Russians Celebrate Trump's Swearing-In Ceremony
- Author: Jacqueline Ellis Jan 22, 2017,
Jan 22, 2017, 0:16
It would take months rather than weeks to organize a meeting between US President Donald Trump and his Russian counterpart Vladimir Putin, Kremlin spokesman Dmitry Peskov said.
While Mr. Trump has expressed an admiration for Russian President Vladimir Putin, and hopes that relations between the two enormous countries can improve, it remains unclear how his rhetoric will translate into foreign policy.
USA intelligence agencies have noted that the Russians allegedly hacked and released information about Trump's election rival Hillary Clinton, eventually tipping the balance in his favor.
Mr Putin also charged that those spreading allegations against Mr Trump want to "bind the President-elect hand and foot to prevent him from fulfilling his election promises". Congress must pursue its historic role overseeing foreign policy to pull the commander-in-chief in a responsible direction, and European allies should step up their contributions to North Atlantic Treaty Organisation to prove to the incoming United States president their inestimable worth within a shared community of values. Revellers in Moscow and throughout the country gathered to celebrate the new president being sworn in. "It's worth waiting and watching what his tone will be", he added. "He has socialized with the most lovely women in the world", Putin said in response to a question from a reporter from pro-Kremlin news agency Life about whether he had seen files or videos suggesting Trump had met with prostitutes.
The comments were made before Trump threw his hat into the ring to become the Republican pick for president. The Kremlin strongly rejects the allegations.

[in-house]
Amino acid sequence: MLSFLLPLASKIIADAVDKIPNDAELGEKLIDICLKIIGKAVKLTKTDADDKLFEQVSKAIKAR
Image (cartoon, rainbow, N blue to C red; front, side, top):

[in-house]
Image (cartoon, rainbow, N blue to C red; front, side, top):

Trump, who takes office on Friday after winning the 8 November election, said in an interview with the Times of London published on Monday that he would propose offering to end sanctions on Moscow in return for a nuclear arms reduction deal.
If you sit in the real world, however, the USA under Donald Trump starts off a whole lot like the one under Barack Obama, insofar as Russian Federation is concerned.
Trump has suggested that warming relations with Moscow can only be a good thing. "We are dealing with people who won't get involved in moralising, but will try to understand their partner's interests", Lavrov said. Like many Russians, he was enthused by Trump's unexpected rise to the presidency. Russia's invasion and annexation of Ukraine's Crimean peninsula in 2014, its continued support of separatist rebels in eastern Ukraine, speculation that it has territorial plans in the Baltic States, and its unrelenting support for Syrian President Bashar al-Assad, have all led to the belief that Russian interests are at odds with Western interests. "Trump, Trump, he's really president", the mustachioed Tokarev sang on a tiny stage with the Russian and American flags hanging behind him.
Changes to U.S. policy on Iran, where Trump wants to dismantle a groundbreaking global nuclear agreement negotiated in the Obama era, would also risk alienating the Russian leadership.